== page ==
As I have said many times, it's a shame that Carnival did not equip its cruise ships with the latest automatic man overboard system which can easily detect people going overboard and send a signal to the bridge in order to initiate immediate search and rescue operations. 

A Carnival brand, Holland America Line, touts that it is using thermal-activated MOB systems. See HAL Testing First-Ever Thermal Imaging Man Overboard System? 

I was recently intrigued to see a company called MARSS Mobtronic that is advertising a proven high-technology MOB system with a high probability rate. You can see an article discussing the technology here. 

Most cruise line are resisting compliance with the Cruise Vessel Safety and Security System's (CVSSA) requirement for an automatic MOB, claiming that man overboard technology is not reliable. That's patently a false and misleading argument. The technology clearly exists but the cruise industry simply does not wish to spend the money necessary to save lives. 

Carnival's blogging Cruise Director John Heald confirms the man overboard, a 21 year old man, stating: ". . . . the ship is currently en route to the location where the individual was seen on the camera footage and will commence search and rescue operations upon arrival."  

It should be embarrassing for Carnival to have such antiquated old school technology where an officer has to search through the surveillance camera footage after-the-fact to find evidence of a person going overboard and then turns the ship around after it sailed for one or two hundred miles. 

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March 10 2015 Update: The missing passenger is reportedly from Virginia Tech.

March 11 2015 Update: The young man's name, Cameron Smook, has been released.  U.K.'s Daily Mail has published an article which can be reviewed here.  

March 12 2015 Update: Statement by Senator Richard Blmenthal:

BLUMENTHAL STATEMENT ON END OF SEARCH FOR STUDENT WHO FELL OVERBOARD CRUISE SHIP AND CRUISE INDUSTRY’S CONTINUED FAILURE TO IMPLEMENT STRONGER SAFETY MEASURES

(Washington, DC) – Senator Richard Blumenthal (D-Conn.) issued the following statement after the U.S. Coast Guard announced that they have suspended their search for a student who fell overboard while on a Carnival Cruise ship and was first reported missing Sunday morning.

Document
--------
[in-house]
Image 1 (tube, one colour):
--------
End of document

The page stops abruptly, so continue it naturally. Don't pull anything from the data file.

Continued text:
“Today, as our thoughts and prayers with the family and friends of Cameron Smook, the stark tragic fact is that readily available life-saving technology could have spared him. Reprehensibly, five years after the Cruise Vessel Security and Safety Act of 2010 was enacted, cruise lines still refuse to upgrade outdated video surveillance technology for the latest in automatic man overboard detection. The cruise industry should be ashamed and embarrassed by this failure to embrace this lifesaving technology. Such technology could have immediately detected Cameron’s fall and made sure valuable time was not wasted reviewing camera footage. In the last two months four individuals have fallen overboard from cruise ships. I will continue to fight for more effective commonsense safety and security measures, such as those included in the Cruise Passenger Protection Act, which I was proud to lead last Congress and intend to see strengthened and reintroduced this Congress.”

In 2013, Blumenthal introduced the Cruise Passenger Protection Act with Senator Rockefeller to address the serious incidents that continue to occur on cruise ships – a result of the industry’s failure to prioritize consumer awareness, safety, and security. The bill called for providing the over 20 million Americans who plan to take a cruise every year with critical information about the limited scope of their current consumer protections and would take steps to improve accountability in the industry.

March 12 2015 Update: A news station, WDBJ 7 (CBS) in Virginia interviewed me regarding this overboard. 

Photo Credit: Jordandkatz / Wikipedia CC BY-SA 3.0